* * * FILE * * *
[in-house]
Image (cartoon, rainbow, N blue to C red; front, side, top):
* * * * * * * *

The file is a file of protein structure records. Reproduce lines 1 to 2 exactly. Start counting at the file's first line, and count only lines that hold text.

[in-house]
Image (cartoon, rainbow, N blue to C red; front, side, top):